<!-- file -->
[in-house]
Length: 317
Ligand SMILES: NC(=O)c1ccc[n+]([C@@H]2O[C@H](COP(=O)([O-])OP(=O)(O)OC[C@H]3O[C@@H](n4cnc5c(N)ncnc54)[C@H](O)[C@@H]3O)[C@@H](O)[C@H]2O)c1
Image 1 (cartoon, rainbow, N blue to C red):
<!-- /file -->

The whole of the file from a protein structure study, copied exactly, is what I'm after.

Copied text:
[in-house]
Length: 317
Ligand SMILES: NC(=O)c1ccc[n+]([C@@H]2O[C@H](COP(=O)([O-])OP(=O)(O)OC[C@H]3O[C@@H](n4cnc5c(N)ncnc54)[C@H](O)[C@@H]3O)[C@@H](O)[C@H]2O)c1
Image 1 (cartoon, rainbow, N blue to C red):